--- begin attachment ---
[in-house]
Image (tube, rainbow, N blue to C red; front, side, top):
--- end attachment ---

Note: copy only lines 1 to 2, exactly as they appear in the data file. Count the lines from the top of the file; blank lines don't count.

[in-house]
Image (tube, rainbow, N blue to C red; front, side, top):